Moving on to other recent events, I’m trying to understand why some people are opposed to gay marriage because they think it will infringe on their own religious liberties. That may be a future topic. Meanwhile, here are two excellent paragraphs from an article by Andrew O’Hehir called “America Is Changing, and Marriage Equality Is a Huge Victory — But We Need To Go So Much Further”:

An entire strain of right-wing commentators, exemplified by Ann Coulter and Bill O’Reilly, have built careers on casting the left as treasonous America-haters who piss on the flag at every opportunity. This is a moment for people who believe in social justice to accentuate the positive, for damn sure. Beyond that, it’s also a moment that makes clear who really hates America – who hates the democratic and egalitarian potential of America, the America that does not quite exist but is struggling to become real. The America that the Coulter-O’Reilly caste claims to love does not exist either, but it never did and never will; it’s not just 1954 but a thoroughly fictional version of 1954, in which women and African-Americans were content to live in subjugation and Latinos, Muslims and LGBT people were invisible….

It’s essentially tragic that so many people feel themselves under attack from the expanded application of basic principles of fairness and justice. It cannot be a good thing that millions of Americans are so imprisoned by toxic ideology that they are unable to share in this collective celebration of hope and happiness, that they seem so determined to wall themselves up in mental ghettoes of intolerance, and that they seem devoted to waging endless rearguard combat in defense of “traditional values” rooted in a constricted understanding of God and the Christian faith and America. As the congregants of Emanuel African Methodist Episcopal Church told us a week ago in such moving and memorable fashion, love is stronger than hate. Many people in our country who call themselves Christians would do well to reflect on that.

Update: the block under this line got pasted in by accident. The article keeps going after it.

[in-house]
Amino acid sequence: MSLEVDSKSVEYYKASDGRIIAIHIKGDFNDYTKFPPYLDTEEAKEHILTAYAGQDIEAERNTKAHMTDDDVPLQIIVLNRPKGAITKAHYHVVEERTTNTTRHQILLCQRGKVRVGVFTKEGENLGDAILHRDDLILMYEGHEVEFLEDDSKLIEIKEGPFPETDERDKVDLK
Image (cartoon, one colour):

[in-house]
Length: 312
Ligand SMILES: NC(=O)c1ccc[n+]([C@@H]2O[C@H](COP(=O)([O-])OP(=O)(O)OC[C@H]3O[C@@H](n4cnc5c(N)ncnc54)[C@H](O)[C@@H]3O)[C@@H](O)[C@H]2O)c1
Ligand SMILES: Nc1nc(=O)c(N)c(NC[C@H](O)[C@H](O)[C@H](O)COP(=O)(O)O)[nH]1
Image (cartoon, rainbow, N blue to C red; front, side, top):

More, but not a lot more, here.

Money and Politicians, Plus Judges

ThinkProgress reports that the Supreme Court sensibly ruled, in a 5-4 decision, that a state can restrict lawyers’ campaign contributions to judges. Chief Justice Roberts explained why:

States may regulate judicial elections differently than they regulate political elections, because the role of judges differs from the role of politicians. Politicians are expected to be appropriately responsive to the preferences of their supporters. Indeed, such “responsiveness is key to the very concept of self-governance through elected officials.” The same is not true of judges. In deciding cases, a judge is not to follow the preferences of his supporters, or provide any special consideration to his campaign donors. A judge instead must “observe the utmost fairness,” striving to be “perfectly and completely independent, with nothing to influence or control him but God and his conscience.” As in White, therefore, our precedents applying the First Amendment to political elections have little bearing on the issues here.